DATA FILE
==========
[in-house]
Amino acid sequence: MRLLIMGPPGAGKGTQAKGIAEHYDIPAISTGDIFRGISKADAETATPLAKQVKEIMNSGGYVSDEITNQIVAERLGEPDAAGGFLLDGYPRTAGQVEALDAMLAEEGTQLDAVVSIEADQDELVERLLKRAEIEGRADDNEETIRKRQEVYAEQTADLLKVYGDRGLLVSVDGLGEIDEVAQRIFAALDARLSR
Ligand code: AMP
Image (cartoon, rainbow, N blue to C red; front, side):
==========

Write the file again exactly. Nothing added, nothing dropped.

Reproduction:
[in-house]
Amino acid sequence: MRLLIMGPPGAGKGTQAKGIAEHYDIPAISTGDIFRGISKADAETATPLAKQVKEIMNSGGYVSDEITNQIVAERLGEPDAAGGFLLDGYPRTAGQVEALDAMLAEEGTQLDAVVSIEADQDELVERLLKRAEIEGRADDNEETIRKRQEVYAEQTADLLKVYGDRGLLVSVDGLGEIDEVAQRIFAALDARLSR
Ligand code: AMP
Image (cartoon, rainbow, N blue to C red; front, side):